Big companies, such as Apple and Facebook, have recently announced that their female employees would be offered free “egg freezing.” The idea behind the process of egg freezing, or oocyte cryopreservation, is that a woman who is not ready to have children may freeze her eggs and later re-implant them in her uterus via an in vitro-fertilization process when she is ready for children. Freezing eggs puts a halt on their biological activity and, literally, ‘freezes them in time.’
A woman’s eggs stay with her from pre-birth until menopause, so just like we get older, so do our eggs. Our eggs don’t gray and wrinkle, but they certainly age; and the aging process may cause serious issues in the chromosomes of the eggs. You have probably heard that the risk for Down syndrome (a condition caused by having an extra chromosome 21) is increased in older moms. That is because their older eggs are more prone to having errors in meiosis, the process of chromosome division.
The cost of egg freezing nears $10,000 for every round, plus $500 or more annually for storage. It seems like these large companies are finding that losing their valuable employees to maternity leave and family time is detrimental, and that women should feel encouraged to plan out the lives they want if they want to get set on their careers first. Not surprisingly, there has been a lot of buzz around these announcements from Apple and Facebook, ranging from full support to skepticism of using egg freezing for non-medical purposes (one particular piece I enjoyed reading was an op-ed in the New York Times from a few weeks ago).
While career building may be a valid motive to freeze eggs, there are other reasons a woman may consider this process. I have been asked whether egg freezing would be a good option from some women who have not yet met the man with whom they want to build a family, in case they do not get a chance to start their family until they are older. There are also medical reasons a woman may decide to freeze her eggs. For example, women who undergo cancer treatment which may be toxic to their eggs may decide to preserve their eggs before they begin their therapy. In addition, women facing certain genetic conditions that lead to premature failure of ovarian function may also choose to freeze their eggs–some examples include those with Turner syndrome or fragile X premutation carriers. In addition, women who are BRCA carriers may opt to remove their ovaries to reduce their risk of developing breast and ovarian cancer, but may not be ready to have children. These women could freeze their eggs for a later pregnancy.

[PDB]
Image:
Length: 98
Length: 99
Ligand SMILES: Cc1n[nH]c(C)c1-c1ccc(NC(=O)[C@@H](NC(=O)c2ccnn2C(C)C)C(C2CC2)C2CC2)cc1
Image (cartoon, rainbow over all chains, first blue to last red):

Of course I also need to mention that older women who are having babies (whether or not the eggs have been cryopreserved) tend to have older spouses. Because of the large number of cell divisions in spermatogenesis, the process of sperm development, the mutation rate in certain genes is higher in men than women, and increases with age. So we are finding that certain genetic diseases are more common in babies with older dads as well. Such diseases include certain forms of dwarfism, some types of craniofacial disorders, and some more complex diseases such as autism, schizophrenia and cancers.
The American Society for Reproductive Medicine does not recommend the use of egg freezing for purposes of delaying childbearing, since data on safety, the efficacy, and the cost-effectiveness, and emotional risks are insufficient. They say that “marketing this technology for the purpose of deferring childbearing may give women false hope and encourage women to delay childbearing.” Nevertheless, egg freezing for career reasons is a reality. But should it be?